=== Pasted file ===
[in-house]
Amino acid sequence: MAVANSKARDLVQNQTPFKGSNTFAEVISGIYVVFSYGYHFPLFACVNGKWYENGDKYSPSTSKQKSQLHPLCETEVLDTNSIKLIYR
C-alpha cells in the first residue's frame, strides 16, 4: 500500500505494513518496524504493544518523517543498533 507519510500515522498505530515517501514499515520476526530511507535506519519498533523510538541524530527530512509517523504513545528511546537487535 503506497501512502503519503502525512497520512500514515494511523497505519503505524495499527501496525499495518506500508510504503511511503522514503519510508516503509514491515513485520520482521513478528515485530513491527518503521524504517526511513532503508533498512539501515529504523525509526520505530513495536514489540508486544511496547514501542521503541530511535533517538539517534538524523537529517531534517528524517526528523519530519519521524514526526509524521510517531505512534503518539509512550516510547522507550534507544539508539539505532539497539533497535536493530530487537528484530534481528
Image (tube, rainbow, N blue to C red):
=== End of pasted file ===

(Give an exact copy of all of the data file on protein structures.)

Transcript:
[in-house]
Amino acid sequence: MAVANSKARDLVQNQTPFKGSNTFAEVISGIYVVFSYGYHFPLFACVNGKWYENGDKYSPSTSKQKSQLHPLCETEVLDTNSIKLIYR
C-alpha cells in the first residue's frame, strides 16, 4: 500500500505494513518496524504493544518523517543498533 507519510500515522498505530515517501514499515520476526530511507535506519519498533523510538541524530527530512509517523504513545528511546537487535 503506497501512502503519503502525512497520512500514515494511523497505519503505524495499527501496525499495518506500508510504503511511503522514503519510508516503509514491515513485520520482521513478528515485530513491527518503521524504517526511513532503508533498512539501515529504523525509526520505530513495536514489540508486544511496547514501542521503541530511535533517538539517534538524523537529517531534517528524517526528523519530519519521524514526526509524521510517531505512534503518539509512550516510547522507550534507544539508539539505532539497539533497535536493530530487537528484530534481528
Image (tube, rainbow, N blue to C red):